Brussels: World leaders and organisations pledged $8 billion to research, manufacture and distribute a possible vaccine and treatment for COVID-19 on Monday, but the United States refused to contribute to the global effort.

Organisers included the European Union and non-EU countries Britain, Norway and Saudi Arabia. Leaders from Japan, Canada, South Africa and dozens of other countries joined the virtual event, while China, where the virus is believed to have originated, was only represented by its ambassador to the European Union.

Governments aim to continue raising funds for several weeks or months, building on efforts by the World Bank, the Bill and Melinda Gates Foundation and wealthy individuals, and turn the page on the fractious and haphazard initial response around the world.

"In the space of just few hours we have collectively pledged 7.4 billion euros ($8.1 billion) for vaccine, diagnostics and treatment against COVID-19,” head of the European Commission, Ursula von der Leyen, said after chairing the online event.

"This will help kick-start unprecedented global cooperation," she added.

It was however unclear what was new funding, as commitments made earlier this year may also be included, EU officials said.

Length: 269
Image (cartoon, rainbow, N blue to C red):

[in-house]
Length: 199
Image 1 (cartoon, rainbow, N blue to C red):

Donors included pop singer Madonna, who pledged 1 million euros, von der Leyen said.

British Prime Minister Boris Johnson, who has recovered from a life-threatening battle with COVID-19, said the search for a vaccine was "the most urgent shared endeavour of our lifetime", calling for "an impregnable shield around all our people".

EU diplomats said the United States, which has the world's most confirmed COVID-19 cases, was not taking part.

A senior US administration official declined to say specify why the United States was not participating.

"We support this pledging effort by the EU. It is one of many pledging efforts that are going on and the United States is at the forefront," the official told reporters by telephone.

US President Donald Trump said last month that he would halt funding to the World Health Organisation, whose director general addressed the conference, over its handling of the pandemic.

The 8-billion-dollar goal was in line with expectations but is only an initial figure. Von der Leyen has said more money will be needed over time.